Annalisa Nash Fernandez: “Walk the talk”

We need to ensure there are diverse voices in our decision-making because without them, the processes are biased, whether we see that or not. And that bias is not just about color or surface-level diversity — it’s about the culture rooted in our mental programming. As a part of our series about “How Diversity Can Increase a […]

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We need to ensure there are diverse voices in our decision-making because without them, the processes are biased, whether we see that or not. And that bias is not just about color or surface-level diversity — it’s about the culture rooted in our mental programming.


As a part of our series about “How Diversity Can Increase a Company’s Bottom Line”, I had the pleasure of interviewing Annalisa Nash Fernandez, an intercultural strategist and global speaker.

Annalisa Nash Fernandez is an intercultural strategist, author, and global speaker focusing on the cultural elements in technology and digital communication. An experienced corporate strategic planning director, she bridges her dual background as a sociolinguist to navigate the use of technology across global societies. Annalisa holds an MA in translation from the University of Wisconsin, and a BS in international finance from Georgetown University.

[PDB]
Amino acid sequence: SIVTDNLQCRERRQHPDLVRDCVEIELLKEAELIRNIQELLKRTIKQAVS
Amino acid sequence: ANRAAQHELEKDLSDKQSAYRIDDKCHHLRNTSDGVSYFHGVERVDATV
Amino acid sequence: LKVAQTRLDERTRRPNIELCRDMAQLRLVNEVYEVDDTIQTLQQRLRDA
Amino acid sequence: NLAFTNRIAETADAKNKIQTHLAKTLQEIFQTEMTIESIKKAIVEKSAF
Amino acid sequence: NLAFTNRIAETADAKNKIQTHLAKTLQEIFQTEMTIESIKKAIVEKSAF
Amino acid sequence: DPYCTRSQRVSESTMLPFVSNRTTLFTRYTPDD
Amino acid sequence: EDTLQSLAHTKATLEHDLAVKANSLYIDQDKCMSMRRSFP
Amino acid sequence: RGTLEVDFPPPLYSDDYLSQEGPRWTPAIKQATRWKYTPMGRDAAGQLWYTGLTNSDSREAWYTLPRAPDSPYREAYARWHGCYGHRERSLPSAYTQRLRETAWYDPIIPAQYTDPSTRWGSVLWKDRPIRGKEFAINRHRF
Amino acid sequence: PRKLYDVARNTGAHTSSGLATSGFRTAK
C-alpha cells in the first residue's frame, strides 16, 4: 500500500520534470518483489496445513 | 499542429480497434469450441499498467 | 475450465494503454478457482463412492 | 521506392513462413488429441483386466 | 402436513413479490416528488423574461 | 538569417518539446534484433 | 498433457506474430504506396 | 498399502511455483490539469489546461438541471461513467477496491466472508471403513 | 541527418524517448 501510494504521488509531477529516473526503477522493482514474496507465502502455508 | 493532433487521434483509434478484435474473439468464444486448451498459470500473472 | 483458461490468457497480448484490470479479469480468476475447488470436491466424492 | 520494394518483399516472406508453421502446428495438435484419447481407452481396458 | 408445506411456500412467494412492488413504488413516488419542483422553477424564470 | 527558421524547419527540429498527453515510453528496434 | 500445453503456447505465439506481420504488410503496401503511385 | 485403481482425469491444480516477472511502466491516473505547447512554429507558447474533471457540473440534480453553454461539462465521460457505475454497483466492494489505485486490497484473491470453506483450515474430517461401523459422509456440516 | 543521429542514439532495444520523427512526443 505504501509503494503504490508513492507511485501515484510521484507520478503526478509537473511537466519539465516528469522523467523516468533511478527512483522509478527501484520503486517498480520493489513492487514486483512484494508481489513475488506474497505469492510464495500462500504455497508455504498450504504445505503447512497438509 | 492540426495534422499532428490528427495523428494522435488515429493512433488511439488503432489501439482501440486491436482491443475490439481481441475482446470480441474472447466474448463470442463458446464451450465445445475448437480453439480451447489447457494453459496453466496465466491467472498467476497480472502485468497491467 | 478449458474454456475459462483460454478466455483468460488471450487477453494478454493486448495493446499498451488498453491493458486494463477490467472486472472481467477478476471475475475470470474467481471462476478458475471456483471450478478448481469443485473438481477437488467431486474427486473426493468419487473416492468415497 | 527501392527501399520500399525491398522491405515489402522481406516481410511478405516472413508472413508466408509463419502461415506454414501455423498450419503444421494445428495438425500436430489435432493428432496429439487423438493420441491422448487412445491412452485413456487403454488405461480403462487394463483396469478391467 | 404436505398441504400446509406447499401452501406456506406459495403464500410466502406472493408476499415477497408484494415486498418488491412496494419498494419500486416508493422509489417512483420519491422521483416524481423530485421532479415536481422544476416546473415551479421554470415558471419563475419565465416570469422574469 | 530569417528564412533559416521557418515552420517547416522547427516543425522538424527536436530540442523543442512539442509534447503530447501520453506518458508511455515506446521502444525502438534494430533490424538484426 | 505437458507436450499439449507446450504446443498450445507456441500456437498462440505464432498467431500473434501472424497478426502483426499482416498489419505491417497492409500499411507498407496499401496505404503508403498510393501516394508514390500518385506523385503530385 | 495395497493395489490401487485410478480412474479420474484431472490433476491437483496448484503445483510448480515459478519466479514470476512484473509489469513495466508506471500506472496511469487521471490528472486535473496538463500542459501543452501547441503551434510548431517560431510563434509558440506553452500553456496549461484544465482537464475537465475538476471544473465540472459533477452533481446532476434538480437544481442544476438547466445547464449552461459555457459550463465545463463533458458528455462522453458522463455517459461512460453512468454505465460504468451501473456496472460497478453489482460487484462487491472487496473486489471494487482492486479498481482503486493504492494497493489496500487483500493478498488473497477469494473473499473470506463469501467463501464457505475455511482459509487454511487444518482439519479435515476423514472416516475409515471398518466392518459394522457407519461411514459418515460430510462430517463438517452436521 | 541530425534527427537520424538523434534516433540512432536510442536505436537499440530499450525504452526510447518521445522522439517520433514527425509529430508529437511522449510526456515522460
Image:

Thank you so much for doing this with us! Our readers would love to “get to know you” a bit more. Can you share your “backstory” with us?

I spent most of my career working abroad, as an investment banker at BankersTrust, and a financial executive at Kraft Foods and Philip Morris International. Through it all, I lived, worked, and studied in nine countries. When I took a break to raise three children, I earned a master’s, focusing on cultural elements in translation. Now I bridge the cross-cultural elements of the business world with the challenges in language and digital communication.

Can you share the funniest or most interesting story that happened to you since you started your career? Can you tell us the lesson or take away you took out of that story?

Lessons come from the disruption of assumptions. So here’s my story.

I worked for a multinational in Brazil as an expatriate employee, so my salary was dollarized. I was eyeing real estate during the five years I lived there, but waiting for a favorable exchange rate to invest. That’s how finance people think — it wasn’t an emotional decision.